Touchpad and Pointing Stick
Click to EnlargeAt 3.1 x 1.7 inches, the M2800's touchpad is dwarfed by the laptop's jam-packed keyboard. The pad still provided accurate navigation, but we found that our fingers often hit the click buttons below when trying to scroll down Web pages with two fingers.
If touchpad or mouse navigation doesn't do it for you, the M2800 provides a black rubber pointing stick between its G and H keys. The pointing stick responded accurately to the pressure we applied to it, and we found the extra click buttons (located under the spacebar) easy to reach.
Designed to power engineering and 3D design software, our M2800 packs a 2.8-GHz quad-core Intel Core i7-4810MQ processor with 8GB of RAM. Naturally, the notebook breezed through everyday tasks, and didn't show a hint of slowdown when we ran a full system scan while browsing 12 Chrome tabs and streaming HD video via Netflix.
Click to EnlargeThe workstation netted a 13,480 on the Geekbench 3 overall performance test, which absolutely trounces the ZBook 14 (6,271, 2.1-GHz dual-core Intel Core i7-4600U) and the 8,185 mainstream average while beating out its M3800 cousin (11,536, 2.2-GHz Intel Core i7-4702HQ). The M2800 was just barely edged out by the 2.3-GHz Intel Core i7-powered MacBook Pro's mark of 13,652.
The M2800 was impressively zippy on our OpenOffice spreadsheet test, as it matched 20,000 names to their addresses in 3 minutes and 34 seconds. This speeds past the already quick ZBook 14 (4:10), MacBook Pro 15-inch (4:15) and M3800 (4:14) while outperforming the 5:40 category average.
The notebook's 128GB SSD was able to duplicate 4.97GB of mixed media in just 24 seconds, resulting in a transfer rate on 212 MB per second. This rate more than doubles the 83 MBps mainstream average, though the ZBook 14 (240GB SSD, 221 MBps), MacBook Pro 15-inch (512GB Flash drive, 309 MBps) and M3800 (512GB SSD, 424 MBps) all performed faster.
The M2800 touts an AMD FirePro M4170 GPU with 2GB of VRAM, which provides plenty of graphical muscle for editing videos, rendering 3D images and enjoying smooth gaming sessions.
The Dell workstation performed admirably on the OpenGL portion of the Cinebench benchmark, with a score of 52.9 frames per second. This is just behind the Intel Iris Pro and GeForce GT 750M-powered MacBook Pro (54.08), and significantly smoother than the 38.86 fps average for mainstream notebooks.
The notebook ran "World of Warcraft" at a playable 44 frames per second with the graphics set to max and resolution at 1920 x 1080. This is significantly smoother than the AMD FirePro M4100-powered ZBook 14 (26 fps) and a bit better than the 40 fps output of the M3800 (using Intel Graphics 4600 and Nvidia Quadro K1100M). However, the MacBook Pro (Intel Iris Pro and Nvidia GeForce GT 750M) trumped them all at the same settings, running the game at a silky 80.7 fps.
We then moved to the more graphically demanding "BioShock Infinite," which ran at 71 fps on autodetect at 1366 x 768 and dropped to a chuggy 16 fps on Ultra settings at 1080p. By comparison, the ZBook 14 ran the game at 34 fps on auto and 1280 x 1024, and dropped to a molasseslike 10 fps with the settings kicked to Ultra at 1080p.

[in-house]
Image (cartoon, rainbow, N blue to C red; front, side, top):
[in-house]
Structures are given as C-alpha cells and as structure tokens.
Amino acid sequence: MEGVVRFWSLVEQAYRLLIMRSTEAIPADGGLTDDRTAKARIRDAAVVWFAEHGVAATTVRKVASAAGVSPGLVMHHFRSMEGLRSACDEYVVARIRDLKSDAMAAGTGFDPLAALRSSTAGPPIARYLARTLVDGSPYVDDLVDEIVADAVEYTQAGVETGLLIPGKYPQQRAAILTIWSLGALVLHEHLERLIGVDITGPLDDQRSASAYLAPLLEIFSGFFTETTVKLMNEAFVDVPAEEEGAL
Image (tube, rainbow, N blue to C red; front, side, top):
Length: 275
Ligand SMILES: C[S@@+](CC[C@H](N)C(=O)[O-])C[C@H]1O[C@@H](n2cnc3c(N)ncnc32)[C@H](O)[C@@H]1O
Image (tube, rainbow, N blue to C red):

Though powerful, the M2800 isn't going to get you through a full workday without a charger handy. The workstation lasted 6 hours and 47 minutes on our battery test (continuous Web surfing over Wi-Fi at 100 nits). This runtime is shorter than the M3800 (6:54), ZBook 14 (7:34) and MacBook Pro (8:57). The M2800 still bested the 6:21 mainstream average, however.
Software and Warranty
As a Windows 7 workstation, the M2800's software suite is focused around getting the most out of the system. Dell's Precision Performance Optimizer uses carlike speed gauges to show you how much of the PC's memory, CPU and active storage is being used at a given moment. The software also lets you select specific software, such as Adobe Photoshop CS6, and optimize performance on a program-by-program basis.
Click to EnlargeThe Precision Performance Optimizer has a System Maintenance tab that lets you check for software updates, and a Track and Analyze tab that provides daily or hourly performance reports.
When it comes to graphics optimization, the M2800 gives you a few options. Intel's HD Graphics Control Panel lets you customize settings such as resolution and refresh rate for the M2800's built-in display as well as any external displays attached to the workstation.
AMD's Catalyst Control Center works similarly, with options for customizing desktop windows, optimizing battery life and adjusting video playback quality.
The Precision M2800 ships with a three-year basic hardware service warranty with three years of next-business-day onsite service after remote diagnosis.
Click to EnlargeThe Dell Precision M2800 starts at $1,079, which gets you an Intel Core i5-4210M processor, 4GB of RAM, a 1366 x 768 display, and a 500GB SSD hybrid. The $1,469 model has a beefier dual-core Intel Core i7-4610 processor, double the RAM at 8GB, a full HD 1080p display, a 500GB SSD and AMD FirePro W4170M graphics.
We received the $1,629 configuration, which packs a quad-core Intel Core i7-04810MQ CPU, 8GB of RAM, a 1080p display, FirePro W4170M graphics and a 128GB SSD. If you want something in between these three, the aforementioned $1,079 model is fully customizable with your choice of processor, RAM, display, hard drive and battery.
Click to EnlargeOffering consistently smooth performance for well under $2,000, the Dell Precision M2800 ($1,079 starting, $1,629 as reviewed) is deserving of a place in your workspace. Office managers can take comfort in its durable chassis and security software suite, and users can delight in its cozy soft-touch keyboard and crisp 1080p display. However, we wish this workstation's screen displayed more colors and that its hues were more accurate.
This behemoth won't be winning any style awards, and similarly powerful notebooks such as the HP ZBook 14 ($1,399 starting, $2,349 as reviewed) and Dell's own Precision M3800 ($1,799 starting, $2,554 as reviewed) are considerably sleeker and lighter. However, considering the performance and durability you get at the price, the M2800 is a well-balanced workstation.